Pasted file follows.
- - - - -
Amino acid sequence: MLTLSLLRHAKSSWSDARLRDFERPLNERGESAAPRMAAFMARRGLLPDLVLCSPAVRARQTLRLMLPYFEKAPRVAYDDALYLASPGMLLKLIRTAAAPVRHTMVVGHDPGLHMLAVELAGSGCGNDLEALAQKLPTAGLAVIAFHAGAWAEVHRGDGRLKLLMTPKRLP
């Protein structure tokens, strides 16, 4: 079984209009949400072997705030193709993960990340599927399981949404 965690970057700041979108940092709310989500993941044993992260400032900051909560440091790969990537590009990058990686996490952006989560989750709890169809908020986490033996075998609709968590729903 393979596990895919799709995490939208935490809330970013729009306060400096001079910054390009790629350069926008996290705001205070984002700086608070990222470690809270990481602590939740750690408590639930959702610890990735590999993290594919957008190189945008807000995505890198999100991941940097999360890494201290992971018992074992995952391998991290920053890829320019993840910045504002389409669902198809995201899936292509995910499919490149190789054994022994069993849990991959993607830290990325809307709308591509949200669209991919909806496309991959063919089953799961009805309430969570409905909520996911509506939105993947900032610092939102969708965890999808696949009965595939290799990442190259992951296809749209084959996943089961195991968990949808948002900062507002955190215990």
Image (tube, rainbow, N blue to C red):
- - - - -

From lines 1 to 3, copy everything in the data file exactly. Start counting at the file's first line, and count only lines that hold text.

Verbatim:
Amino acid sequence: MLTLSLLRHAKSSWSDARLRDFERPLNERGESAAPRMAAFMARRGLLPDLVLCSPAVRARQTLRLMLPYFEKAPRVAYDDALYLASPGMLLKLIRTAAAPVRHTMVVGHDPGLHMLAVELAGSGCGNDLEALAQKLPTAGLAVIAFHAGAWAEVHRGDGRLKLLMTPKRLP
């Protein structure tokens, strides 16, 4: 079984209009949400072997705030193709993960990340599927399981949404 965690970057700041979108940092709310989500993941044993992260400032900051909560440091790969990537590009990058990686996490952006989560989750709890169809908020986490033996075998609709968590729903 393979596990895919799709995490939208935490809330970013729009306060400096001079910054390009790629350069926008996290705001205070984002700086608070990222470690809270990481602590939740750690408590639930959702610890990735590999993290594919957008190189945008807000995505890198999100991941940097999360890494201290992971018992074992995952391998991290920053890829320019993840910045504002389409669902198809995201899936292509995910499919490149190789054994022994069993849990991959993607830290990325809307709308591509949200669209991919909806496309991959063919089953799961009805309430969570409905909520996911509506939105993947900032610092939102969708965890999808696949009965595939290799990442190259992951296809749209084959996943089961195991968990949808948002900062507002955190215990």
Image (tube, rainbow, N blue to C red):